“Fresh tea leaves

And coffee beans

That she softly brings

Nurturing my every need

Beneath the giving tree.”


On the third day, I had planned to be all alone, roam around the town of Dhulikhel and enjoy the vista, blooming flowers, and leisurely walk around and munch snacks as my body needed with no plans for a conventional coursed meal.

As planned I did this all alone knowing very well I will be exploring and traveling the universe only in my mind.   I sat on the balcony outside of Dhulikhel Lodge enjoying the greenery in the hours of sunset and watching the surrounding valley change colors from bright green to smoky dark green to gray-tinted turning to charcoal gray. The sun was gone and the faint light of radiating moon’s soft glow turned the contours of the hills like a charcoal painting with the shining light of hotels, resorts, and homes in the surrounding. To catch the night view I moved to nearby hotel Asha’s rooftop balcony to view the valley changing colors in moonshine. The hills looked gray with neon lights of the resorts in the surroundings. The moon was shining and it wasn’t perfectly round with dark spots visible.  Nothing is quite perfect I said to myself. Perfection is a utopia! Just a concept! I needed two cups of hot Nepali tea and cups of hot water to keep on going for hours to savor the evening. It was a good choice on a breezy evening where the air was getting cooler by seconds. The tiny dots of the distant stars were faint and overshadowed by the hotel’s bright neon lights.  Soon it started feeling chilly to my bones, the light jacket was not quite enough for the body, perfect time to grab a light snack with hot water to drink and call the day and hit the shack. My room and in the close-by hotel were about eight-minute walk. At 8.30 PM I was under the Sirak and blanket as the night was getting colder by the minute. When I entered the dream state of sleep I didn’t even know. Getting tired and a good rest is rewarding to the brain and the body that I always knew. An interlude! Good, clean break on a very tiring day! Nothing is sweeter but a full and relaxing rest after a tiring day. The body must re-charge itself. Cruising heaven in dreams can be exciting but deep slumber is yet another reward for a tired body. The drama of the day had finally ended. Mind’s curtain had closed for the day.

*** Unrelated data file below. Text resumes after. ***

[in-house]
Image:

(To be continued: Musings on love and life! Acknowledgment with thanks: the pictures were captured by Shyam Mohan Shrestha and Manaslu Kanchha)